The Superior City Council’s selection of a new president could come down to chance after all.

City Attorney Frog Prell drew that conclusion after researching the matter to render an opinion about the legality of using a deck of cards to determine who would lead the Council.

Councilors Brent Fennessey and Ruth Ludwig were both nominated to serve as council president during the Council’s reorganization meeting in April, following the election.

Since then councilors have been evenly divided over who should fill the post.

Fennessey and councilors Jack Sweeney, Craig Sutherland, Keith Kern and Esther Dalbec have all voted in favor of Fennessey, while Ludwig and Councilors Dan Olson, Jenny Van Sickle, Warren Bender and Tylor Elm have favored Ludwig through a variety of votes that took place April 16, May 7 and May 21.

During that time, Olson, Sutherland and Dalbec, respectively abstained from voting during one of the meetings. Voting would have created a tie Mayor Jim Paine said he intended to break.

All three councilors have said the Council’s leadership should be decided by members of the City Council, not the mayor.

Wisconsin law specifically mandates ‘drawing’ lots to resolve tie votes for certain public elections,” Prell wrote in a six-page memo to the Council. “Wisconsin law allows local governing bodies vast discretion in how it selects leadership from among the group.”

Prell cited numerous examples where elections were decided by chance, such as a 2014 card-draw that determined a three-year term on the Baraboo City Council after the candidates tied in the election, 137-137.

La Crosse, Wisconsin, formalized a coin flip when the Council their adopted an ordinance to address the practice for breaking a tie to fill a vacant seat on the Council. Even the Douglas County Board used a coin toss to determine its vice chairman in 2018 after a 10-10 tie between nominees Supervisor Alan Jaques and Vice Chairperson Mary Lou Bergman.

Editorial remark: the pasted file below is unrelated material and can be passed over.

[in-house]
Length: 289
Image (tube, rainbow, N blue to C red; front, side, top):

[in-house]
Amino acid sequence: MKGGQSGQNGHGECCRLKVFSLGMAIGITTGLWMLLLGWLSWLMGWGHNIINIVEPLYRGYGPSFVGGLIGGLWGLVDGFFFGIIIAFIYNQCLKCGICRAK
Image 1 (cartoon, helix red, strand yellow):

And drawing cards wouldn’t be unprecedented in Superior.

In 2009, Olson became council president after drawing a queen of diamonds, which beat former Councilor Tom Bridge’s three of clubs.

Former City Councilor Dave Stannard also won a place on the ballot when he drew the high card in 2005 after the primary election resulted in a 31-31 tie with Marge McGinnis for the 10th District seat.

“The common council may, but is not obligated to, utilize the drawing of cards or some other method of chance to resolve the … impasse for council president,” Prell concluded from his research, which was done in consultation with Wisconsin League of Municipalities legal counsel Claire Silverman.

Prell said if the Council decides not to end the impasse, it could continue with Vice President Sutherland serving as acting president until after next year’s election.

The Council is slated to consider selection of a president at 6:30 p.m. Tuesday, June 18, in Room 201 of the Government Center.